Check Point´s customers remain protected
Check Point´s customers gain preemptive protection from any supply chain attack that may arise from the stolen certificates.
Unfortunately, some security solutions in the market still expose organizations to this supply chain threat, as they seem to automatically approve the stolen certificates, even though they’ve already been revoked, most probably since they consider the vendor who produced the certificate as trusted by default.
Whether you’re using Check Point to secure your network cloud or workforce, you gain accurate prevention against the threat mentioned above through Check Point ThreatCloud.
ThreatCloud combines 60+ threat prevention and AI technologies with globally-shared threat intelligence derived from hundreds of millions of sensors worldwide, and enriched with insights from Check Point Research.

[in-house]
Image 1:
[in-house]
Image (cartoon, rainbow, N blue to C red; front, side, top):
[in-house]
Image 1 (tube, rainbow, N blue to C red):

The products below leverage Check Point ThreatCloud’s threat emulation service, an innovative zero-day sandboxing technology, to detect and block these stolen certificates from penetrating. This process is fully automated and does not require any action by the user.
- Check Point Quantum security gatewayswill protect your network and data centers from malware.
- Check Point Harmony Endpoint, complete endpoint protection, and EDR solution will protect your employees from downloading malicious files or executables to work laptops and PCs and prevent data leak and lateral movement of malware to other systems.
- Check Point Harmony Mobile, the industry’s leading Mobile Threat Defense solution, will prevent employees from downloading malicious files and applications and therefore prevent the compromise of sensitive business data.